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IRS Internal Memorandum Questions NIL Collectives’ 501(c)(3) Tax-Exempt Status

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The IRS recently issued an internal memorandum to the effect that many Name-Image-Likeness (NIL) collectives will not qualify for 501(c)(3) tax-exempt status, including those that had previously obtained tax exemption letters from the IRS. The announcement has significant implications for NIL collectives and their donors.

Section 501(c)(3) provides tax-exempt status for organizations created and operated exclusively for certain congressionally favored purposes (charitable, educational, religious, etc.). Organizations seeking an exemption must engage predominately in activities that further one of these exempt purposes and may participate in other activities only to an “insubstantial” extent. Additionally, such organizations must serve a public, rather than private, interest. Any private benefit must be “clearly incidental” to a more significant public benefit. In the IRS’s view, many NIL collectives do not meet these requirements.

The initial critical inquiry for tax-exempt status is the purpose of the organization. While many NIL collectives organize and participate in charitable and civic activities that benefit the community, the IRS noted that another significant purpose of those NIL collectives is the compensation of student athletes for the use of their name, image, and likeness. According to the IRS, compensation of student athletes is not an exempt purpose and for many NIL collectives that purpose rises to the level of greater than “insubstantial.” Additionally the memo concludes that compensation of student athletes provides a “private benefit” to the students that is not “clearly incidental” to a public benefit. In its view, the “primary beneficiaries” of these activities are the student athletes, not the community. For both of those reasons, the IRS has taken the view that many NIL collectives will not qualify for tax-exempt status.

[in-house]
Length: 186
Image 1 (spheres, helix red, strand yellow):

The IRS recognized that some NIL collectives have already been formed as nonprofit entities and received a favorable determination of tax-exempt status. Those NIL collectives may be protected from retroactive application of this memo. In determining whether a revocation of tax-exempt status will apply retroactively to a given NIL collective, the IRS is likely to consider, among other things, the exempt purposes upon which the exemption was based and the extent to which the NIL collective adhered to such exempt purposes as expressed on its application for tax-exempt status.

Note that the position of the IRS is that the memo does not represent a change in law. Its conclusions are based on longstanding principles that were presumably overlooked when the IRS reviewed applications for tax-exempt status over the last couple of years.

We will continue to monitor this situation for new developments. Please let us know if we can be of further assistance. We are happy to jump on a call to discuss your particular situation.

This information is provided by Vinson & Elkins LLP for educational and informational purposes only and is not intended, nor should it be construed, as legal advice.